Central Maine Community College is the No. 1 seed in the upcoming USCAA Division II Women’s Basketball National Championships in Uniontown, Pa. One very big reason for that is Oak Hill graduate Maggie Sabine.

In the last two Yankee Conference tournament games, Sabine averaged 22.5 points, 13.0 rebounds, and 5.0 assists. She was also named the tournament’s Most Valuable Player.

“She kind of put us on her back at times, and made sure that everyone knew we were going to win the Yankee Conference championship,” CMCC coach Andrew Morong said.

CMCC plays Penn State Fayette at 6 p.m., Thursday. Penn State Fayette is the host school and No. 8 seed, out of eight teams in the bracket.

“They play a lot of pressure defense,” Morong said. “They’re guard-oriented. I think they have four girls who shoot over 36 percent for 3-pointers. They’re extremely competitive. Even though we’re the No. 1 seed and they’re the 8 seed, it’s not a traditional 1-8 matchup.”

“I think we just need to play the game we’ve been playing all year,” Sabine said. “I think we have a really good shot this year.”

Sabine said her older sister Emily went to CMCC, which helped spark her interest in the school.

“I’m very happy with my decision to come here,” she said. “We’re taken care of here. It’s a really laid-back atmosphere, and it’s a really welcome atmosphere.”

Sabine is averaging 16.0 points and a team-high 11.2 rebounds and 4.2 assists per game. She’s shooting 48 percent from the floor and 77 percent from the free throw line.

“Whether she wants to admit it or not, she’s been a great leader for us this season,” Morong said. “She doesn’t like the title of captain, she’s not a captain, but she’s certainly done everything on the court to be a great leader.”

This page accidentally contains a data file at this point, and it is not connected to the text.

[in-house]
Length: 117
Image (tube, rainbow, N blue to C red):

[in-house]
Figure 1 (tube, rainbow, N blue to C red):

The Mustangs are 22-4 and have won 18 of their last 20 games. With Susie French (19.5 ppg) and Danielle McCusker (13.5 ppg) also in the lineup, they’re not short on scoring options.

“If I had to explain (our success) in one word, it would be teamwork,” Sabine said. “This team is one of the best teams I’ve ever been on, because of the way we pass the ball and play together.”

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The College of St. Scholastica women’s hockey team won its first-ever playoff game this weekend. St. Scholastica’s goalie is Belgrade native Teraysa White, who is having a superb season for the Saints.

White has played 94 percent of her team’s minutes in goal, and is 14-9-3 with a .920 save percentage and a 2.34 goals-against-average. White’s four shutouts tied the school’s single-season mark and her 687 saves set a new record.

In two games Friday and Saturday against Lake Forest College, White had 66 saves and allowed one goal in 120 minutes. Entering this weekend, Lake Forest had scored 83 goals in 24 games, an average of 3.5 per game.

St. Scholastica, located in Duluth, Minn. is now 14-9-4 overall and is in the semifinals of the O’Brien Cup. The Saints play St. Norbert College at 3:05 p.m., Friday at the University of Wisconsin-River Falls.

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A handful of local players have already started their baseball and softball seasons. Skowhegan graduate Whitney Jones opened the Seton Hall season Feb. 8 by starting at first base and going 2 for 3 with a solo home run in a 12-5 win over St. Bonaventure. A day later, Jones walked to start a four-run rally as Seton Hall defeated Robert Morris, 5-3.

Samantha Gray, another Skowhegan graduate, has started six games for the University of Massachusetts. Anna Lorette, also a Skowhegan graduate, has started all four games this season as a freshman first baseman at the Rochester Institute of Technology in New York, and has two hits and two walks.

Matt DiFilippo — 861-9243

[email protected]

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